CTBA is co-chair of the "Make Work Pay" coalition, which was dedicated to implementing an Illinois EITC, based on the federal credit. The federal EITC provides targeted tax relief to low and moderate income families. This successful program operates as both an income supplement and work incentive for poor families. It also stimulates the economy by putting more disposable income in the hands of low-income families, who in turn spend that income in the local economy. At his request, CTBA briefed Speaker Madigan on the potential benefits an Illinois EITC had to offer low-income workers across the state. Ultimately, Speaker Madigan requested CTBA to draft the legislation, which passed in May, 2000.
The state's EITC as enacted in May of 2000, was scheduled to sunset in 2003. CTBA worked to eliminate the state EITC’s sunset provision and to improve the credit by making it refundable. Again, at the request of legislators, CTBA ultimately drafted the legislation, provided testimony during revenue committee hearings, and developed fact sheets on the state EITC. Mr. Martire also dedicated a Sun-Times column to explaining the importance of the state EITC and the need for its expansion. CTBA worked closely with State Representative Barbara Flynn Currie and State Senator Barack Obama, the chief sponsors of the state EITC bill, in making this a reality, by engaging in a public education campaign, featuring press conferences, town hall meetings and editorial board briefings. These efforts ultimately paid off, as the Illinois General Assembly voted both to eliminate the state EITC’s sunset provision and make the credit refundable. With refundability, an additional 150,000 to 200,000 working poor families in Illinois now benefit from the credit.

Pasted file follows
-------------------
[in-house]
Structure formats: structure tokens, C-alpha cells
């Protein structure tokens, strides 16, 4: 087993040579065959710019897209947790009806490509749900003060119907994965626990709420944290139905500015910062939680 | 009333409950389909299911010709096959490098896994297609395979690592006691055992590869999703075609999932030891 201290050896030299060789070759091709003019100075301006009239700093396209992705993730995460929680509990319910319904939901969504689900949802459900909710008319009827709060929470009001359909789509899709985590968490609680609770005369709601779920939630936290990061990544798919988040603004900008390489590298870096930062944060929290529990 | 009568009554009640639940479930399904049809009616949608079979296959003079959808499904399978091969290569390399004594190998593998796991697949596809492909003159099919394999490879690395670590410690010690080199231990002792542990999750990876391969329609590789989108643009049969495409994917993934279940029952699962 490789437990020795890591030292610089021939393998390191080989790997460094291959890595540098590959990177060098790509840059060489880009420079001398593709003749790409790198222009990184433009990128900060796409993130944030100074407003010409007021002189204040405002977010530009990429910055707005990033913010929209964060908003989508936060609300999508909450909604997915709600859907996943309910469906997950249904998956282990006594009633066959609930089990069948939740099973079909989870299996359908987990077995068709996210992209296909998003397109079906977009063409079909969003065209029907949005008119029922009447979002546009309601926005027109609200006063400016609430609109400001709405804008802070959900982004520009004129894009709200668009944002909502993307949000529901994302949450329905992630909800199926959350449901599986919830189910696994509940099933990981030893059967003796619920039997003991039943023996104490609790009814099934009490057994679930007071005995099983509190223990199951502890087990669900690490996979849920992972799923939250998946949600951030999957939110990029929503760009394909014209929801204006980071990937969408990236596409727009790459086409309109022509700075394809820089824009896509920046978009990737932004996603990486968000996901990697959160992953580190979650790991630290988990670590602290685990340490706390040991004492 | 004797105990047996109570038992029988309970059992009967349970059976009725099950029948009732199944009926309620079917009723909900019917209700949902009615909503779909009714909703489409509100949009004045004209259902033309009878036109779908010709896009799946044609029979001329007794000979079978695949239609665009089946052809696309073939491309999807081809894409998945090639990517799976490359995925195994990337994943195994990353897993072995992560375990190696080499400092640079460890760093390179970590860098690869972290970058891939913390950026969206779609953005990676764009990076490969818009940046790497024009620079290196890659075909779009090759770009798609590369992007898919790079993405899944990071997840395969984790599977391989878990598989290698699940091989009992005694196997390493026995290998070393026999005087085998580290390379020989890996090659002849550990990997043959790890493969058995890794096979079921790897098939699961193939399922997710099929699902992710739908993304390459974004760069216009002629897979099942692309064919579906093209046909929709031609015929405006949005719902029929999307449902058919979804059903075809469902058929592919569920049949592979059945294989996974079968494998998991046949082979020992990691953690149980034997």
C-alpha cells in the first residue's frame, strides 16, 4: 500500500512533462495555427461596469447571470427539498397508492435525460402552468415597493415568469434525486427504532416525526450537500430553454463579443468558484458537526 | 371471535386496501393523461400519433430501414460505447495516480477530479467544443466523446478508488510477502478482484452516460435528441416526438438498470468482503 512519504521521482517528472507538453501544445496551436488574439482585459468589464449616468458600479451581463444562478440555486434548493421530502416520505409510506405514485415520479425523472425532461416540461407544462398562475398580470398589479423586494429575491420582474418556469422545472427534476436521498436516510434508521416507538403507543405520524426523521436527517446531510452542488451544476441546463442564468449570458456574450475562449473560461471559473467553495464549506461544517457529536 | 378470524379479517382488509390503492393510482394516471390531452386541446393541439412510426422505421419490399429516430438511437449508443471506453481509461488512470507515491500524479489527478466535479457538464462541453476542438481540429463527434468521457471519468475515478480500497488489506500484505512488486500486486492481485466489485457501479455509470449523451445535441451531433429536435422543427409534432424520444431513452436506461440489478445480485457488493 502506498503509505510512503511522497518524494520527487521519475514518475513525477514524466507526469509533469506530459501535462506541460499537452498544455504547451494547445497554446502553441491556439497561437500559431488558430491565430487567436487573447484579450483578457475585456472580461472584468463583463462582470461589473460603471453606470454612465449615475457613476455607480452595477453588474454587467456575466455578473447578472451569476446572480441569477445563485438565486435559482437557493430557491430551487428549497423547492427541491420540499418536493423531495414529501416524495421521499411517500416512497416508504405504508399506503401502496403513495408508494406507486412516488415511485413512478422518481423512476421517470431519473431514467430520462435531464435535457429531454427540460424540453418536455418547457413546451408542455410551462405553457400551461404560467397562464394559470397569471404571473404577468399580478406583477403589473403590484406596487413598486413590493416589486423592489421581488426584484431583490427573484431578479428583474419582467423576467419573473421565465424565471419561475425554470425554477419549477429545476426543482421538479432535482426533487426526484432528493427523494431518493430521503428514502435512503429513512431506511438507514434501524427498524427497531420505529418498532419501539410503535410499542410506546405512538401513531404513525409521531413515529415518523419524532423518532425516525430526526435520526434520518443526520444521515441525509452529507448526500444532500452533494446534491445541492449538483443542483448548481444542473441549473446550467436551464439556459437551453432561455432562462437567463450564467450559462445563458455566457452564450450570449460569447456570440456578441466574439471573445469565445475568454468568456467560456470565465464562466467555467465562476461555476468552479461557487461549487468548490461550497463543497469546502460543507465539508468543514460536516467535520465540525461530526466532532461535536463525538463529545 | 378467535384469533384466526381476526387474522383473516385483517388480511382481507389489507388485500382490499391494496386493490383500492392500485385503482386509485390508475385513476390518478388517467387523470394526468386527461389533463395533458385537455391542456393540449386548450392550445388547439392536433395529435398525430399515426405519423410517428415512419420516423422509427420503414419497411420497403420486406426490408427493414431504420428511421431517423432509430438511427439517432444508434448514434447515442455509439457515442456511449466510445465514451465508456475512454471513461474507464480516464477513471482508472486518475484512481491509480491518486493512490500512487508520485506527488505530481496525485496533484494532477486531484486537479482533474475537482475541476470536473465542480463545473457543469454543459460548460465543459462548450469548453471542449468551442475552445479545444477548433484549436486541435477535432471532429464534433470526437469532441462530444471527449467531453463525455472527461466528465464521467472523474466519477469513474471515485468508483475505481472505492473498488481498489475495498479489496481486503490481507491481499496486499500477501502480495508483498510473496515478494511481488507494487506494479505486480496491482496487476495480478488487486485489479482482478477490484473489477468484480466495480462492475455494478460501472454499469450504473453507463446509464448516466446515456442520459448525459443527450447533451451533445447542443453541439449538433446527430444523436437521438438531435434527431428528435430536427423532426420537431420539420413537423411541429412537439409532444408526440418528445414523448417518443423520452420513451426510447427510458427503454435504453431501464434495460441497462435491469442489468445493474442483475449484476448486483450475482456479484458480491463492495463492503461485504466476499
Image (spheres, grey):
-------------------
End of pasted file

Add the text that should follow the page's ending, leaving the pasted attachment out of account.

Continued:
SB 338 simplified the Illinois EITC statute, ensuring that all low-income, working Illinoisans who receive the federal EITC also get the full amount of the state EITC. Because of confusing and unnecessary statutory language regarding the refundable portion of the state EITC, the Department of Revenue (DOR) has excluded the following groups of taxpayers from receiving EITC refunds:
The existing statutory language also has led the DOR to create a complicated eligibility worksheet in its tax-form instructions, confusing many Illinois taxpayers and causing them not to apply for the state EITC even though they are eligible for it.
In 2004, the Comptroller appointed CTBA to serve with the Department of Revenue, on the Comptroller’s commission dedicated to reviewing corporate tax inversions, whereby businesses reincorporated offshore to avoid paying state taxes. In this role, CTBA helped identify international tax avoidance schemes, measure state revenue lost to such schemes and assisted in drafting legislation to deny state contracts to expatriate corporations. Mr. Martire provided testimony on the comptroller’s bill, HB 4194, which passed the Illinois House unanimously in 2004.
At the request of State Representative Jack Franks, CTBA drafted a corporate accountability bill, HB235, which passed in 2003. The bill requires corporations that receive tax breaks for economic development to disclose all job creation and retention results they achieve and to have those results publicly posted on the internet. A company that fails to meet its part of the bargain is subject to having its tax benefits clawed back by the state, unless that company can demonstrate extenuating circumstances. This legislation has been hailed as a national model for corporate accountability initiatives. CTBA was the lead testifier on and principal drafter of the bill.
Keeping up with current legislation is a difficult task, but at CTBA we recognize that educational advocacy is key to bridging community members, advocates and legislators. In order to provide a valuable resource to our supporters, CTBA endeavors to maintain a timely Legislative Roster. This roster lists bills, resolutions, and budget items relevant to CTBA's partners, Illinois' human service providers, and other persons concerned with issues affecting low- and middle-income families.